Nasr-Azadani has been charged with “rebellion, membership in illegal gangs, collusion to undermine security and therefore assisting in moharebeh,” Agence France-Press (AFP) reported on December 13, citing the Iranian Students' News Agency (ISNA).
The charge against Nasr-Azadani “could carry death penalty if proven that the accused had used a firearm, otherwise he could be sentenced to prison,” CNN reported, citing Iran’s penal code.
However, on December 11, IranWire reported information that contradicts the allegations against Nasr-Azadani:
“IranWire sources said that Nasr-Azadani had been present in some nationwide protests, but he was never present in the area where IRGC and Basij forces were killed. The source also said that his presence in the protests was short and limited to chanting slogans for a few hours.”
Following Nasr-Azadani’s arrest, Iran’s security forces threatened members of the footballer’s family, telling them that if they talked about his arrest in public, he would be “issued the most severe sentence possible,” IranWire reported, citing one member of Nasr-Azadani’s family.
“According to IranWire’s sources, the family was initially unaware of the reason for his arrest, as well as the judicial system's filing of a case to frame him for the involvement in the murder of three government forces. The family's efforts to be able to choose a lawyer for him were unsuccessful.”
The source also told IranWire that after the family was informed of the charges, a government-appointed lawyer for Nasr-Azadani informed them that the charges were “only to cause fear,” but that “if the family members reacted and spoke to foreign media, the death sentence would become final.”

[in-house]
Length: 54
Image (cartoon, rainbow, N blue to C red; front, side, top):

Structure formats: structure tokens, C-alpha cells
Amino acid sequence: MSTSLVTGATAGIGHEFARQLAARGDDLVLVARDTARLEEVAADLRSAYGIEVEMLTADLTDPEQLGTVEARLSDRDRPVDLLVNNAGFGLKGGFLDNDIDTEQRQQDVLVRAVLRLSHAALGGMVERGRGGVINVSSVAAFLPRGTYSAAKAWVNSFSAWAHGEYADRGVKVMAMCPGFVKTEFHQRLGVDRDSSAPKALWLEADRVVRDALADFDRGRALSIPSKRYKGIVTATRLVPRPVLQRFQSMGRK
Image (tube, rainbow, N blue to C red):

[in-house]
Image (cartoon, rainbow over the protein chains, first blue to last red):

The news outlet said that Nasr-Azadani's family “is still afraid of talking publicly or releasing news related to him.”
“They think that by waiting and remaining silent, they may avoid the death sentence,” a source told IranWire.
“The source said Nasr-Azadani had no role in the beating or killing of three government forces in Isfahan,” IranWire wrote.
All the sources cited by IranWire were anonymous; speaking to journalists about sensitive or critical matters concerning the Islamist regime puts Iranian citizens at risk of persecution.
If convicted, Nasr-Azadani would join 11 individuals who have been sentenced to death over the unrest and could be hanged “at any moment,” according to Amnesty International.
“They include Mohammad Mehdi Karami, 21, arrested after attending a Nov. 3 mourning ceremony for a young protester killed in September, and Sahand Nourmohammad Zadeh, who is accused of tearing down highway railings and setting fire to rubbish bins and tires,” Bloomberg News reported.